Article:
When organizations are seeking to expand their operations, they often will find interesting targets who have union-represented employees. A union’s presence will create additional compliance obligations but contrary to common misconceptions, union-related obligations are not necessarily unmanageable.… Continue Reading

New Handbook Guidance Shows How the NLRB Views Common Employment Policies for Union and Non-Union Employers (US)

The National Labor Relations Board has once again clarified whether certain types of employee handbook policies will violate federal labor law. Employers should take note of these two new guidance memoranda, as they can help employers maximize the protection they afford to their confidential information, brands, equipment, and other important matters.… Continue Reading

NLRB Reinstates Prior Test Determining Whether Workers Are Independent Contractors (US)

On January 25, 2019, the National Labor Relations Board returned in yet another area to a standard that existed before the “Obama Board.” In SuperShuttle DFW, Inc., the Board vacated the test it had adopted five years ago to determine whether a worker is an independent contractor or an employee for the purposes of the … Continue Reading

Unionized Employers: NLRB Removes Key Hurdles for Deferring ULP Charges to Arbitration (US)

The National Labor Relations Board recently issued more good news for unionized employers. In a guidance memorandum last week, the Board’s General Counsel announced an updated approach that will help employers avoid litigating unfair labor practice charges filed by unions or union-represented employees who have filed grievances regarding the same underlying dispute.… Continue Reading

NLRB Clarifies How Employers May Respond When Unions Request Information About Tax Cut Savings and Other Matters (US)

Earlier this week, the National Labor Relations Board’s top prosecutor clarified how he views several key issues that arise when unions request information from employers. Board General Counsel Peter Robb confirmed that his office will not require employers to automatically inform unions about the amounts the employers have saved due to the recent federal tax … Continue Reading

The National Labor Relations Board Is Signaling A New Approach To Failure-To-Bargain Charges (US)

The National Labor Relations Board has recently signaled another key change for unionized employers. The Board may be on the verge of significantly expanding employers’ key defense to alleged failure-to-bargain unfair labor practice charges. Historically, the Board has made it particularly difficult for a unionized employer to adjust or update its operations in a way … Continue Reading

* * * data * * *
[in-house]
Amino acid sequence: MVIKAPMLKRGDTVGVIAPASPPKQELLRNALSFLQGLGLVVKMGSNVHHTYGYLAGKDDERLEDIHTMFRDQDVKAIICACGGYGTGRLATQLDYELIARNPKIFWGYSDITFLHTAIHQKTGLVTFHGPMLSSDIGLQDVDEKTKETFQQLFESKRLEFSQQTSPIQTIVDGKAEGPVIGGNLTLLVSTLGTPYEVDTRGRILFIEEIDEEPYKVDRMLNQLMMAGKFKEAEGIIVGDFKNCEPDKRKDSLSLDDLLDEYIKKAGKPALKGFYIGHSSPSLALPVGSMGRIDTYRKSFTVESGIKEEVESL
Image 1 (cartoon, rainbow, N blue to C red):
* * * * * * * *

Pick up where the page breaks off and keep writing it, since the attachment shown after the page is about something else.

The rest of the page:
Ensure Your Company’s Public Relations Response Plan Follows These Key Employment Law Principles (US)

When a public relations issue strikes, it can be difficult to find time to implement new procedures or educate employees on new legal concepts. This is particularly true where social media can trigger a public relations crisis almost instantaneously. Accordingly, an organization should develop a public relations response plan before it needs one.… Continue Reading

NLRB Clarifies Key Developing Issues for Union and Non-Union Employers (US)

As most union and non-union employers know, the National Labor Relations Board has updated its standards in several respects over the past year. For some of these updates, the Board has not comprehensively clarified how far they extend or when they apply. In an effort to help clarify employers’ obligations, the Board’s top prosecutor, General … Continue Reading

Upcoming NLRB Developments Should Significantly Affect Employer Property Rights and the Processing of Unfair Labor Practice Charges (US)

Over the last week, the National Labor Relations Board has sent signals that it will significantly change how it addresses certain employer property rights and processes unfair labor practice charges. Although these developments concern relatively nuanced issues, they likely will affect both union and non-union employers in important ways.… Continue Reading

Federal Court: Franchisors and Other Businesses Do Not Create Joint Employment Via “Brand Protection” and Indirect Control (US)

Earlier this decade, hardly a week passed without some court or agency interpreting the joint employment doctrine more expansively than before. Although the National Labor Relations Board created many of these headlines by attempting to treat McDonald’s as the joint employer of its franchisees’ employees and expanding its joint employment test, many courts and other … Continue Reading

National Labor Relations Board Issues More Useful Guidance on Handbooks and Other Policies (US)

Last December, the National Labor Relations Board issued a groundbreaking decision that gave both union and non-union employers more flexibility to protect their interests through employee handbooks and other written policies. This week, the Board’s top prosecutor – General Counsel Peter Robb – expanded on that decision and further clarified when an employers’ written policies … Continue Reading